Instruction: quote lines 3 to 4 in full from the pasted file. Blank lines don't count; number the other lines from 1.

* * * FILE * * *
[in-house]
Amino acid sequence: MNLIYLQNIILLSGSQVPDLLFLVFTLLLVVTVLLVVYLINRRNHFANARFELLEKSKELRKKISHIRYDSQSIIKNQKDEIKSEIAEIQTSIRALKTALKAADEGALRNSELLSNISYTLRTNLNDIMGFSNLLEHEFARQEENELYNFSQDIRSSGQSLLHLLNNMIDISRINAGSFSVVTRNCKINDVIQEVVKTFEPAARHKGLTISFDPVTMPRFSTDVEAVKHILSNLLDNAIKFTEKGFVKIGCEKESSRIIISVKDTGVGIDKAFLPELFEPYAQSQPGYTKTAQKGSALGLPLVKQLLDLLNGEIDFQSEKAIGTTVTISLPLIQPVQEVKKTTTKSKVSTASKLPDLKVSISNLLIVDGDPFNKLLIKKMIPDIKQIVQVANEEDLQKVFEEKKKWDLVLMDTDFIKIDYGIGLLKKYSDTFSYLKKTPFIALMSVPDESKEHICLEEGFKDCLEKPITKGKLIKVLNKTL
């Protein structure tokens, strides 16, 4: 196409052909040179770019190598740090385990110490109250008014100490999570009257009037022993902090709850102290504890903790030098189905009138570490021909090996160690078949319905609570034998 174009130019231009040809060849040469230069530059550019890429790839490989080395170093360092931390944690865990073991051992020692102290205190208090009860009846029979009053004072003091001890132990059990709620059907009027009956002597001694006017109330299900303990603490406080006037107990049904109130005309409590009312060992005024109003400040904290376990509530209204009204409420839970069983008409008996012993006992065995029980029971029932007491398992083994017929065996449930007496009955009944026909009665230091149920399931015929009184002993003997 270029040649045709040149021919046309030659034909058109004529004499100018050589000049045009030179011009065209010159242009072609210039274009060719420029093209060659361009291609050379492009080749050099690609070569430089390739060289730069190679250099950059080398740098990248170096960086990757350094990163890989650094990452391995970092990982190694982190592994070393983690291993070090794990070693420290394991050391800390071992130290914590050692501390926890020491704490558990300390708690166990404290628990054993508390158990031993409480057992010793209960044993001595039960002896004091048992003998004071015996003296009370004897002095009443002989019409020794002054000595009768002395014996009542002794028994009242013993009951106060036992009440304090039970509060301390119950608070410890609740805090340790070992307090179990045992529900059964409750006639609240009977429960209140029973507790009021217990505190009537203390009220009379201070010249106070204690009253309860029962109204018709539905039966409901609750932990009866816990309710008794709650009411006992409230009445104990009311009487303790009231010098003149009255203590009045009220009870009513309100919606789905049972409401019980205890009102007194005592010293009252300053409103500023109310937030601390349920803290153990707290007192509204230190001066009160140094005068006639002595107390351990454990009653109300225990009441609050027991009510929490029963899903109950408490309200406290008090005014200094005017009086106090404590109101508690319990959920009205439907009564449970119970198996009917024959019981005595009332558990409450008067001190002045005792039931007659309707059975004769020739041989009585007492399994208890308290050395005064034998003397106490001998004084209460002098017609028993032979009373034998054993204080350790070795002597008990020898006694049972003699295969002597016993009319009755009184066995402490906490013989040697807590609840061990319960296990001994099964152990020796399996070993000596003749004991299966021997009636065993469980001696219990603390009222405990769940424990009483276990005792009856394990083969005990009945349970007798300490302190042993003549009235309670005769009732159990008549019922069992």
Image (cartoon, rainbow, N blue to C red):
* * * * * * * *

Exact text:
């Protein structure tokens, strides 16, 4: 196409052909040179770019190598740090385990110490109250008014100490999570009257009037022993902090709850102290504890903790030098189905009138570490021909090996160690078949319905609570034998 174009130019231009040809060849040469230069530059550019890429790839490989080395170093360092931390944690865990073991051992020692102290205190208090009860009846029979009053004072003091001890132990059990709620059907009027009956002597001694006017109330299900303990603490406080006037107990049904109130005309409590009312060992005024109003400040904290376990509530209204009204409420839970069983008409008996012993006992065995029980029971029932007491398992083994017929065996449930007496009955009944026909009665230091149920399931015929009184002993003997 270029040649045709040149021919046309030659034909058109004529004499100018050589000049045009030179011009065209010159242009072609210039274009060719420029093209060659361009291609050379492009080749050099690609070569430089390739060289730069190679250099950059080398740098990248170096960086990757350094990163890989650094990452391995970092990982190694982190592994070393983690291993070090794990070693420290394991050391800390071992130290914590050692501390926890020491704490558990300390708690166990404290628990054993508390158990031993409480057992010793209960044993001595039960002896004091048992003998004071015996003296009370004897002095009443002989019409020794002054000595009768002395014996009542002794028994009242013993009951106060036992009440304090039970509060301390119950608070410890609740805090340790070992307090179990045992529900059964409750006639609240009977429960209140029973507790009021217990505190009537203390009220009379201070010249106070204690009253309860029962109204018709539905039966409901609750932990009866816990309710008794709650009411006992409230009445104990009311009487303790009231010098003149009255203590009045009220009870009513309100919606789905049972409401019980205890009102007194005592010293009252300053409103500023109310937030601390349920803290153990707290007192509204230190001066009160140094005068006639002595107390351990454990009653109300225990009441609050027991009510929490029963899903109950408490309200406290008090005014200094005017009086106090404590109101508690319990959920009205439907009564449970119970198996009917024959019981005595009332558990409450008067001190002045005792039931007659309707059975004769020739041989009585007492399994208890308290050395005064034998003397106490001998004084209460002098017609028993032979009373034998054993204080350790070795002597008990020898006694049972003699295969002597016993009319009755009184066995402490906490013989040697807590609840061990319960296990001994099964152990020796399996070993000596003749004991299966021997009636065993469980001696219990603390009222405990769940424990009483276990005792009856394990083969005990009945349970007798300490302190042993003549009235309670005769009732159990008549019922069992």
Image (cartoon, rainbow, N blue to C red):